Rolling Stone magazine has released a lengthy article written by Melissa Roth, regarding Ms. Grey‘s impromptu performance at the The Sayers Club in Los Angeles last Sunday morning (November 6). The article gives details on her special performance of Room For Happiness, as well as several industry executives and fellow musicians that were in attendance.

Read the following excerpt of the article, and click the photo below to view the full-length feature.

Grey Experiments | Rolling Stone ::
“….few things are ever fully planned at the Sayers Club in Los Angeles – much less rehearsed. So when a string quartet settled in to perform “Room for Happiness” with Skylar Grey in the wee hours of Sunday morning, it was the first time they’d even seen the performer….Grey has been slowly crawling out of the shadows as a solo artist. Her Interscope debut, “Invisible, a fitting eulogy for her once-faceless songwriter, just reached Number 14 on Billboard’s Dance/Club chart, right above Beyonce’s “Countdown” and Taylor Dayne’s “Floor on Fire”….

Grey opened with a medley of her familiar hooks….the audience settled down and became her chorus. Singing along from the couches was Dayne herself, who’d performed “Floor on Fire” on the same stage Thursday night. Over the weekend, she was there just to watch.

Dressed in a black leather jacket, jeans and ski hat, Grey sang her haunting ballads about isolation, hurt that feels good and emptiness that leaves room for happiness. It was a powerful, if brief, performance, one that could mark a turning point for the 25-year-old: Two of the biggest names in the music business, Interscope’s Jimmy Iovine and Live Nation’s Michael Rapino, had come out to see her.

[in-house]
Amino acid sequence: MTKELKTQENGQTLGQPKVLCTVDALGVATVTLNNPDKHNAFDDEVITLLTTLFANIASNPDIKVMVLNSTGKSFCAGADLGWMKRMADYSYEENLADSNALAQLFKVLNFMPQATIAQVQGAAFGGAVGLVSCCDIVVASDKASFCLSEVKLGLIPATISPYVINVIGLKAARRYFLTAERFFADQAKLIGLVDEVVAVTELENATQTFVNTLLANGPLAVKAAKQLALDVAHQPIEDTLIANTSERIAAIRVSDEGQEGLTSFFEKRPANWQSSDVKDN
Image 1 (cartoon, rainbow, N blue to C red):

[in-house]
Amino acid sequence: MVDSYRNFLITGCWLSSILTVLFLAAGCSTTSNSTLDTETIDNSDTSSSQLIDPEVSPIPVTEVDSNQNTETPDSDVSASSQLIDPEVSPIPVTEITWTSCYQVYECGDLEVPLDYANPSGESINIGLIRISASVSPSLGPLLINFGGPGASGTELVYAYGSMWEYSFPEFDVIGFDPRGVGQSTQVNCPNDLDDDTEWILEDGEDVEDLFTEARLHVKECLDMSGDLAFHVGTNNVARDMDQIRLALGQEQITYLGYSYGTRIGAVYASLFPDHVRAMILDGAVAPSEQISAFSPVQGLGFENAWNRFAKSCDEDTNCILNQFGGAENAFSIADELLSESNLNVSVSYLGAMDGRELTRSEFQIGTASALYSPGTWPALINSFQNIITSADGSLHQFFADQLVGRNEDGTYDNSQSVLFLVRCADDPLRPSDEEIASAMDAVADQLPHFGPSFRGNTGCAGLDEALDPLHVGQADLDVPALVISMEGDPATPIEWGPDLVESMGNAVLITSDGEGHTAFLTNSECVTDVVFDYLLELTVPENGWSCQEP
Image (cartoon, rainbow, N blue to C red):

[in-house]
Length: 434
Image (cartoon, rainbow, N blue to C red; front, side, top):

Grey finished her set with a cover of Radiohead’s “Idioteque. Not what you’d expect from a woman best known for collaborations with Diddy, Lupe Fiasco, Eminem and Dr. Dre.

But now she’s gotten the seal of approval from someone who’s quietly emerged as one of the most influential bookers in town: Jason Scoppa, who opened Sayers Club with L.A. nightlife king Sam Nazarian, who gave Scoppa his own venue and carte blanche to do with it as he pleased. Scoppa had become known for booking talent just before their careers take off; Bruno Mars used to play at his weekly Hollywood showcases not too long ago, as did Cee Lo Green and Young and the Giant’s Sameer Ghadia.

Just as daunting is the increasingly high profile crowd that surrounds the stage, inches away, and with them all the heated expectations. Will this be the next Bruno?

None of the pressure seemed to faze Grey. She’s in no hurry to top the charts, she confided to Rolling Stone after the show – “Better to grow a career over time than have a quick rise.” But nothing intimidates her right now. “All the success I’m having now, I really can appreciate it. But I also know that I don’t need to rely on a single thing to be happy.”….”

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